If a State accepts federal funds on conditions and then fails to follow the requirements, the usual remedy is federal administrative action to terminate the funding and to recoup funds the State has already received.565 But it is also clear that recipients and potential recipients in a particular program may ordinarily sue to compel the States to observe the standards.566 Finally, it should be noted that Congress has enacted a range of laws forbidding discrimination in federal assistance programs, that has considerable effect.567


Footnotes

549 South Dakota v. Dole, 483 U.S. 203, 207 (1987).
550 Id., 207 (citing Helvering v. Davis, 301 U.S. 619, 640, 645 (1937)).
551 Buckley v. Valeo, 424 U.S. 1, 90–91 (1976).
552 301 U.S. 548, 589, 590 (1937).
553 330 U.S. 127 (1947).
554 Id., 143.
555 Fullilove v. Klutznick, 448 U.S. 448, 474 (1980) (Chief Justice Burger announcing judgment of the Court).
556 See South Dakota v. Dole, 483 U.S. 203, 207–212 (1987).
557 Id., 207. See supra, nn. 549–551.
558 Ibid. The requirement appeared in Pennhurst State School & Hosp. v. Halderman, 451 U.S. 1, 17 (1981). See also Atascadero State Hosp. v. Scanlon, 473 U.S. 234 (1985).
559 South Dakota v. Dole, 483 U.S. 203, 207–208 (1987). See Steward Machine Co. v. Davis, 301 U.S. 548, 590 (1937); Ivanhoe Irrigation Dist. v. McCracken, 357 U.S. 275, 295 (1958).
560 The relationship in South Dakota v. Dole, 483 U.S. 203, 208–209 (1987), in which Congress conditioned access to certain highway funds on establishing a 21–years–of–age drinking qualification was that the purpose of both funds and condition was safe interstate travel. The federal interest in Oklahoma v. CSC, 330 U.S. 127, 143 (1947), as we have noted, was assuring proper administration of federal highway funds.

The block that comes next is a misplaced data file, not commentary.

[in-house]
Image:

561 South Dakota v. Dole, 483 U.S. 203, 210–211 (1987).
562 Steward Machine Co. v. Davis, 301 U.S. 548, 589–590 (1937); South Dakota v. Dole, 483 U.S. 203, 211–212 (1987).
563 See North Carolina ex rel. Morrow v. Califano, 445 F.Supp. 532 (E.D.N.C. 1977) (three–judge court), affd. 435 U.S. 962 (1978).
564 South Dakota v. Dole, 483 U.S. 203, 210 (1987).
565 Bell v. New Jersey, 461 U.S. 773 (1983); Bennett v. New Jersey, 470 U.S. 632 (1985); Bennett v. Kentucky Dept. of Education, 470 U.S. 656 (1985).
566 E.g., King v. Smith, 392 U.S. 309 (1968); Rosado v. Wyman, 397 U.S. 397 (1970); Lau v. Nichols, 414 U.S. 563 (1974); Miller v. Youakim, 440 U.S. 125 (1979). Suits may be brought under 42 U.S.C. Sec. 1983 , see Maine v. Thiboutot, 448 U.S. 1 (1980), although in some instances the statutory conferral of rights may be too imprecise or vague for judicial enforcement. Compare Suter v. Artist M., 112S.Ct.1360 (1992), with Wright v. Roanoke Redevelopment & Housing Auth., 479 U.S. 418 (1987).
567 E.g., Title VI of the Civil Rights Act of 1964, 42 U.S.C. Sec. 2000d ; Title IX of the Educational Amendments of 1972, 20 U.S.C. Sec. 1681 ; Title V of the Rehabilitation Act of 1973, 29 U.S.C. Sec. 794 .